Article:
Cape Town(New Ziana) – South Africa’s Finance Minister Tito Mboweni said on Thursday the majority of South Africans were against the on-going xenophobic attacks on migrant Africans living in the country.
For over a week, mobs of mainly young South Africans have attacked and looted shops and businesses owned by foreign African migrants in Johannesburg and other cities, resulting in the death of five people, and scores of injuries.
This has drawn widespread criticism from across Africa, and led to retaliation against South African businesses in Nigeria and Mozambique.
Officially opening the World Economic Forum (WEF) for Africa on behalf of South African President Cyril Ramaphosa who skipped the event to help tackle another violence-related topical issue in South Africa, gender-based violence, Mboweni said the xenophobic attacks did not represent the attitude of the country towards fellow Africans, nor was this widely shared.
Mboweni said he favoured the free movement of people across the continent.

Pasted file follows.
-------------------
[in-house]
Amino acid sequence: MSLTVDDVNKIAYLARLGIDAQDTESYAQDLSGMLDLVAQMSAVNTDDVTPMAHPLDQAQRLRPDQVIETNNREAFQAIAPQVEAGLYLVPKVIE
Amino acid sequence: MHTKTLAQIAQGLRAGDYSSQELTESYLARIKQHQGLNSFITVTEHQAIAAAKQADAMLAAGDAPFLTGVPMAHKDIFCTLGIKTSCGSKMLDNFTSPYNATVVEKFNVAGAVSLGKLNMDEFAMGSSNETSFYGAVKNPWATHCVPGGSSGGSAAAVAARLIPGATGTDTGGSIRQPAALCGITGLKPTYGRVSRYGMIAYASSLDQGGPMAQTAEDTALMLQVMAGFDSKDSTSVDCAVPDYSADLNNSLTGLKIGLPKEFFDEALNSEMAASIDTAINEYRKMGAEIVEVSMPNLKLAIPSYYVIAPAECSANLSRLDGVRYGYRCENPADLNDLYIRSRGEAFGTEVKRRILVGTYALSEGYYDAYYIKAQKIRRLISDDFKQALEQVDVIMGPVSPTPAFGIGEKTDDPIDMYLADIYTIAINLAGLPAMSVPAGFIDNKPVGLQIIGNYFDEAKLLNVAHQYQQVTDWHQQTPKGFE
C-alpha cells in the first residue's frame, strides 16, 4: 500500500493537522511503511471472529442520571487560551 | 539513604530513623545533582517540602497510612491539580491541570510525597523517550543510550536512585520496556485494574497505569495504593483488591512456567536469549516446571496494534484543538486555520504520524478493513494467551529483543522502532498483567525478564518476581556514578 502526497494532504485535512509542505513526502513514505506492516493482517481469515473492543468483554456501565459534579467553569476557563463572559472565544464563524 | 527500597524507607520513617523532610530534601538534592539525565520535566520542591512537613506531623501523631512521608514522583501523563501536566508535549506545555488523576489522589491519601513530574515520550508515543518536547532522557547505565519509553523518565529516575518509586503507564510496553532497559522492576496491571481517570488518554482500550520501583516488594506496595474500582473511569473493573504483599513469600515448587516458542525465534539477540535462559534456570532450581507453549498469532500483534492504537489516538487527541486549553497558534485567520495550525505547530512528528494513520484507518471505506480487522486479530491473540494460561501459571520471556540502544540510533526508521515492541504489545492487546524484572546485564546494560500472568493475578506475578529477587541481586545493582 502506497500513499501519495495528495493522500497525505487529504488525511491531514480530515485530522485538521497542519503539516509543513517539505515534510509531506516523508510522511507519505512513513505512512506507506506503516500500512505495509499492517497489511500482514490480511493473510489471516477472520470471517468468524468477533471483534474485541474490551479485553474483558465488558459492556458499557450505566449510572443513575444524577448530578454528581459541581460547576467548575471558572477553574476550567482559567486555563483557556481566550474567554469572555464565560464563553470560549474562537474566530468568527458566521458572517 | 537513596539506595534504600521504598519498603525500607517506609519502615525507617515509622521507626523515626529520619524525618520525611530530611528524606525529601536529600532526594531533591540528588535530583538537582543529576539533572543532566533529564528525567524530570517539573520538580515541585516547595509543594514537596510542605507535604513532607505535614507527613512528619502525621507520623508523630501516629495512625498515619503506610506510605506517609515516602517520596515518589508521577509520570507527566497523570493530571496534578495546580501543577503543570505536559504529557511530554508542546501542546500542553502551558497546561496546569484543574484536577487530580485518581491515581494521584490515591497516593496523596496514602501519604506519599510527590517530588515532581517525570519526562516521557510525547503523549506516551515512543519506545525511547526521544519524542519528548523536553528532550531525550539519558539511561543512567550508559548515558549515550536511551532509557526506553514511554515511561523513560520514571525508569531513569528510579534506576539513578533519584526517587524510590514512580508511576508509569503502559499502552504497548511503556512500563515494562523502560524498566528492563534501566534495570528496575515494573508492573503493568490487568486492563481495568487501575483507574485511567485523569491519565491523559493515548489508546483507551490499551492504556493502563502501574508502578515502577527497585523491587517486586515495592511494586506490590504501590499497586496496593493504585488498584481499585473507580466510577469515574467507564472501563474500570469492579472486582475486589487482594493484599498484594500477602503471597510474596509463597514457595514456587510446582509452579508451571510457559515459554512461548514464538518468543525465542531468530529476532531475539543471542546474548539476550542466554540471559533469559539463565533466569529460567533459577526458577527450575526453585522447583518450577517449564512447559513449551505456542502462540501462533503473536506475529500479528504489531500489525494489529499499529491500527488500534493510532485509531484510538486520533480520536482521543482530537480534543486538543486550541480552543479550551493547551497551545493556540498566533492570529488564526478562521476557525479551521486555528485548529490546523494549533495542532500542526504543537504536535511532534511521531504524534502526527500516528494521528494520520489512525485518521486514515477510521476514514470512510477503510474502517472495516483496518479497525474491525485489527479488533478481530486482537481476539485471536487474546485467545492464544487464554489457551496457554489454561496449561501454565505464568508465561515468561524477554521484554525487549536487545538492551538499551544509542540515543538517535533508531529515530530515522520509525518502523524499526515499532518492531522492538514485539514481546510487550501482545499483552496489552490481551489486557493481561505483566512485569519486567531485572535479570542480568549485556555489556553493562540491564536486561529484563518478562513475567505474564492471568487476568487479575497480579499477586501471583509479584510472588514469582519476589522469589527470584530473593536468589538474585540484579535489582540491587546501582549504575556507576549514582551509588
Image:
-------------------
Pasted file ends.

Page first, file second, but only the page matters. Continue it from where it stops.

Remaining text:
“If we are going to allow the (free) movement of people, one cannot be in this position where you allow this person but do not allow the other. If a South African wants to live in Abuja they should be free to do so. As an African I should settle anywhere I want, why should I not be allowed to go and settle in Uganda and be a farmer?” he asked.
“These artificial barriers that we have created, and this hatred amongst ourselves must really be a thing of the past. We are all Africans and we need to begin to inculcate within ourselves the mentality that we are all Africans.”
The Southern African Development Community, the African Union and the United Nations have condemned the violence.